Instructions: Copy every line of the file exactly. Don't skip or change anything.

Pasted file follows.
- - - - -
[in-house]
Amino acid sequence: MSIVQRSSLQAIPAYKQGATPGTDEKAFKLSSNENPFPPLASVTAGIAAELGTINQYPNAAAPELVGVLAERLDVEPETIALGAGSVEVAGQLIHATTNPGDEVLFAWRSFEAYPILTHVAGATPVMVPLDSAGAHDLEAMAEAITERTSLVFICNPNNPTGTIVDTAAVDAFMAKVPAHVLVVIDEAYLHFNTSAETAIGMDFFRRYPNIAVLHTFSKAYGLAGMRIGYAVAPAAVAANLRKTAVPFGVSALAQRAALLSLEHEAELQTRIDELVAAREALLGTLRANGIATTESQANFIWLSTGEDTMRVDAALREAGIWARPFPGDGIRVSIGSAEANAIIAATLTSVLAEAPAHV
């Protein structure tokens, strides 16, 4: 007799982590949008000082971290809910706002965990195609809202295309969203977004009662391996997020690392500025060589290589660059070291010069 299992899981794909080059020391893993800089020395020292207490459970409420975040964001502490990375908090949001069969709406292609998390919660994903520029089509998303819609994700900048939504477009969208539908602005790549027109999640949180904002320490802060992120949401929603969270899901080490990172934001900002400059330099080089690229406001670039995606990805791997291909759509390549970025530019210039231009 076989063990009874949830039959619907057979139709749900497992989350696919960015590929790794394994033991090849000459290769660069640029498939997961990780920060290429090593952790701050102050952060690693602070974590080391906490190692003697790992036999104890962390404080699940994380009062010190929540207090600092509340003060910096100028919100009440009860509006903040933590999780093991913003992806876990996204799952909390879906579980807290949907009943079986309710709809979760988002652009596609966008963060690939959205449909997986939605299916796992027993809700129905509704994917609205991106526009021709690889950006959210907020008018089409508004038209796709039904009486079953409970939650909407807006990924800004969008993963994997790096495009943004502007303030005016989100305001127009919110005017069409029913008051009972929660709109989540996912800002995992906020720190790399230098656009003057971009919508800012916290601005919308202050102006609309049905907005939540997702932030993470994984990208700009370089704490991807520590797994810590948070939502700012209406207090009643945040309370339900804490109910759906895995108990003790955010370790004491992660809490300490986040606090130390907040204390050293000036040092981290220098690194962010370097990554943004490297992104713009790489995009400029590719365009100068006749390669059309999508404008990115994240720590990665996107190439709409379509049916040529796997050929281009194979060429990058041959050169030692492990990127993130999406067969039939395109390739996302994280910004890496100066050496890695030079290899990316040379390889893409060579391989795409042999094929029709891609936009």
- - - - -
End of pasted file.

[in-house]
Amino acid sequence: MSIVQRSSLQAIPAYKQGATPGTDEKAFKLSSNENPFPPLASVTAGIAAELGTINQYPNAAAPELVGVLAERLDVEPETIALGAGSVEVAGQLIHATTNPGDEVLFAWRSFEAYPILTHVAGATPVMVPLDSAGAHDLEAMAEAITERTSLVFICNPNNPTGTIVDTAAVDAFMAKVPAHVLVVIDEAYLHFNTSAETAIGMDFFRRYPNIAVLHTFSKAYGLAGMRIGYAVAPAAVAANLRKTAVPFGVSALAQRAALLSLEHEAELQTRIDELVAAREALLGTLRANGIATTESQANFIWLSTGEDTMRVDAALREAGIWARPFPGDGIRVSIGSAEANAIIAATLTSVLAEAPAHV
């Protein structure tokens, strides 16, 4: 007799982590949008000082971290809910706002965990195609809202295309969203977004009662391996997020690392500025060589290589660059070291010069 299992899981794909080059020391893993800089020395020292207490459970409420975040964001502490990375908090949001069969709406292609998390919660994903520029089509998303819609994700900048939504477009969208539908602005790549027109999640949180904002320490802060992120949401929603969270899901080490990172934001900002400059330099080089690229406001670039995606990805791997291909759509390549970025530019210039231009 076989063990009874949830039959619907057979139709749900497992989350696919960015590929790794394994033991090849000459290769660069640029498939997961990780920060290429090593952790701050102050952060690693602070974590080391906490190692003697790992036999104890962390404080699940994380009062010190929540207090600092509340003060910096100028919100009440009860509006903040933590999780093991913003992806876990996204799952909390879906579980807290949907009943079986309710709809979760988002652009596609966008963060690939959205449909997986939605299916796992027993809700129905509704994917609205991106526009021709690889950006959210907020008018089409508004038209796709039904009486079953409970939650909407807006990924800004969008993963994997790096495009943004502007303030005016989100305001127009919110005017069409029913008051009972929660709109989540996912800002995992906020720190790399230098656009003057971009919508800012916290601005919308202050102006609309049905907005939540997702932030993470994984990208700009370089704490991807520590797994810590948070939502700012209406207090009643945040309370339900804490109910759906895995108990003790955010370790004491992660809490300490986040606090130390907040204390050293000036040092981290220098690194962010370097990554943004490297992104713009790489995009400029590719365009100068006749390669059309999508404008990115994240720590990665996107190439709409379509049916040529796997050929281009194979060429990058041959050169030692492990990127993130999406067969039939395109390739996302994280910004890496100066050496890695030079290899990316040379390889893409060579391989795409042999094929029709891609936009």